Take the 2-minute tour ×
Mathematica Stack Exchange is a question and answer site for users of Mathematica. It's 100% free, no registration required.

I have a list in this style

data={{a1,b1,c1,d1,e1,f1}, {a2,b2,c2,d2,e2,f2}}

I need to delete all elements in which b1 is equal to b2 and so on. I only have to test b. The list I use have more than 15000 elements. I used DeleteDuplicates:

DeleteDuplicates[data, {_, #1, _, _, _, _} == {_, #2, _, _, _, _} &]

I know this method gives a correct result because I tested it on a small amount of data.

But in a list with more than 15,000 elements after 20 minutes of running without success. Is there a more efficient method?

share|improve this question

marked as duplicate by bobthechemist, RunnyKine, Michael E2, Leonid Shifrin, Öskå Jul 31 at 21:44

This question has been asked before and already has an answer. If those answers do not fully address your question, please ask a new question.

Have you searched the forum? There are some threads about his, for instance here mathematica.stackexchange.com/a/35214/187 –  halirutan Jul 31 at 19:43
@halirutan Nope, I didn't ;-D. Was too excited that I knew a v10 function. –  bobthechemist Jul 31 at 19:57
Haha...I am realy not againt leraning so can you explain me one of these faster methodes in the thread you mentioned? Like I am a real beginner....:) –  Antoine Mayer Jul 31 at 20:01

2 Answers 2

In version 10 we have DeleteDuplicatesBy which seems to be much faster:

t = RandomInteger[{1, 10}, {10^3, 5}];
   {_, #1, _, _, _, _} == {_, #2, _, _, _, _} &]; // AbsoluteTiming
DeleteDuplicatesBy[t, Part[#, 2] &] // AbsoluteTiming
(* 0.488, 0.001 *)
share|improve this answer
FYI, you mention c1/c2 in the text but appear to use b1/b2 in your example. –  bobthechemist Jul 31 at 19:44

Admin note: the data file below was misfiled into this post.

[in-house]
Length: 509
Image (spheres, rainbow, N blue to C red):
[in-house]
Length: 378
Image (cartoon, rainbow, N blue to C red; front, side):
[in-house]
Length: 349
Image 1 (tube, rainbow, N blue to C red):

Thanks I changed my example –  Antoine Mayer Jul 31 at 19:50
Okay I still use mathematica 9...I have to wait that school s begin again so I can get the 10....@ halirutan I saw other threads but I already have problems understanding what the & at the end is for so undertanding other exemples without explications is a bit hard :) :) –  Antoine Mayer Jul 31 at 19:56

Similar to Mr.Wizard's answer here**, we can use GatherBy

GatherBy[data, #[[2]] &][[All, 1]]

I must say I was surprised* how much faster than DeleteDuplicatesBy this is:

data = RandomInteger[1000, {15000, 5}];
DeleteDuplicatesBy[data, Part[#, 2] &]; // AbsoluteTiming
GatherBy[data, #[[2]] &][[All, 1]]; // AbsoluteTiming
  {12.071266, Null}
  {0.004069, Null}

With fewer duplicates:

data = RandomInteger[10000, {15000, 5}];
DeleteDuplicatesBy[data, Part[#, 2] &]; // AbsoluteTiming
GatherBy[data, #[[2]] &][[All, 1]]; // AbsoluteTiming
  {62.941921, Null}
  {0.017356, Null}

*That's because I forgot about this: DeleteDuplicatesBy is not performing as I'd hoped. Am I missing something?.

**And it turns out Mr.Wizard's answer to the question in the previous note * is also almost the same as this one.

share|improve this answer
+1. You beat me to it :) –  RunnyKine Jul 31 at 20:12
@RunnyKine It figures such a solution is already on the site. (And thanks!) –  Michael E2 Jul 31 at 20:22
Thank you tested the method of @MichaelE2 and it works like a charm...can you explain the difference between the two? –  Antoine Mayer Aug 1 at 12:18

Not the answer you're looking for? Browse other questions tagged or ask your own question.